Elevated CO₂ and temperature increase grain oil concentration but their impacts on grain yield differ between soybean and maize grown in a temperate region Academic Article uri icon

abstract

  • The increases in CO2 concentration and attendant temperature are likely to impact agricultural production. This study investigated the effects of elevated temperature alone and in combination with CO2 enrichment on grain yield and quality of soybean (Glycine max) and maize (Zea mays) grown in a Mollisol over five-year growing seasons. Plants were grown in open-top chambers with the ambient control, 2.1 °C increase in air temperature (eT) and eT together with 700 ppm atmospheric CO2 concentration (eTeCO2). While eTeCO2 but not eT increased the mean grain yield of soybean by 31%, eTeCO2 and eT increased the yield of maize similarly by around 25% compared to the ambient control. Furthermore, eT and eTeCO2 did not significantly affect grain protein of either species but consistently increased oil concentrations in grains of both species with eTeCO2 increasing more. The eT increased grain Fe concentration relative to the control treatment but decreased Ca concentration, while the relative concentrations of P, K, Mn and Zn varied with crop species. The elevated CO2 enlarged the eT effect on Fe concentration, but decreased the effect on Ca concentration. The results suggest that crop selection is important to maximize yield benefits and to maintain grain quality to cope with elevated CO2 and temperature of future climate change in this temperate region where the temperature is near or below the optimal temperature for crop production.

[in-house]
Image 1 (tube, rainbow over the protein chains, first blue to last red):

publication date

  • 2019